Fall play adjustments due to Covid-19


Kendall Luther/XPress photo

The Fall Showcase will feature a group number with the entire cast, which is being filmed individually throughout different rooms in Xavier’s Performing Arts Center in order to adhere to social distancing and CDC (Center for Disease Control) guidelines. Molly La Joie, choreographer, and Charles Judd, a freshman at Brophy, were rehearsing and filming, with the help of the video club, after school.

Jenna Burch, Staff Writer

Xavier College Preparatory’s theatre department and fall showcase have been forced to alter their plans due to Covid-19, along with many other events this school year. 

Aspiring actors and actresses know that a production begins with auditions, followed by callbacks, casting, rehearsals, and eventually a breathtaking show. 

All of these routine steps that contribute to a production have one thing in common: they are usually in-person; however, that is not the case this year.

Auditions usually take place in Xavier’s Performing Arts Center, but this year they were held virtually and students recorded themselves.

 Jessica Vining, head of the theatre production and moderator of the Drama/Thespian Club, explained that she has several backup plans and is “just taking things day by day.”

Vining’s officers have been “working with Xavier’s video club on film acting.” This includes learning lines, dance routines and songs over Zoom.

Teresa Corderman, theatre/stagecraft teacher and Children’s Theater moderator, has decided with Vining that the “fall play will be a hybrid of in-person and virtual performance” meaning that all rehearsals will be virtual but the students will be in-person for the final performance.

As of right now, the fall showcase is to be recorded and/or live-streamed, where only the actors and actresses will be present in the theatre. Xavier staff will ensure that performers maintain safety precautions regarding social distancing and sanitation while on stage.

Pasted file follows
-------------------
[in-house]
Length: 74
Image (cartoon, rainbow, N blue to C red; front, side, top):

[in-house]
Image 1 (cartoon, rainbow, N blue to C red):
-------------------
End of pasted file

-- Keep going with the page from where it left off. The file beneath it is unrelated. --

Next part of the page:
If the number of Covid-19 cases rises, students will record and combine individual clips of themselves singing, dancing and acting, to be pieced together into a complete show.

Vining pointed out that while virtual theatre is not ideal, it has presented a great opportunity for students to learn new skills about acting for a camera rather than an audience. “With a lot of our seniors wanting to major in theatre as they go into college, almost all of their auditions have to be taped anyway, so getting used to the idea of taping your audition is a good thing to get exposed to,” Vining said.

“I opted out of it (this year’s showcase),” sophomore Grace Allen said, after she was a part of last year’s Xavier productions, “The Music Man” and “Little Women.”  She is one of several students who chose not to participate in this year’s production, mainly due to Covid-19 concerns. 

While the amount of returning cast members has decreased this year, there have also been more students, who are new to the theater, who have joined this year, perhaps, due to virtual auditions tending to be less pressure than those in-person.

As for future productions, “We hope that our spring play will still go on as originally planned (with a live audience),” Vining said. “It depends on how the fall showcase goes.”